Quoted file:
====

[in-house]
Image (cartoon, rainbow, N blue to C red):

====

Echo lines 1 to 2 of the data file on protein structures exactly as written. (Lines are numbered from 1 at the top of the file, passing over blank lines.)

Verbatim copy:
[in-house]
Image (cartoon, rainbow, N blue to C red):